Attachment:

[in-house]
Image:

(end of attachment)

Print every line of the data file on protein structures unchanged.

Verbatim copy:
[in-house]
Image: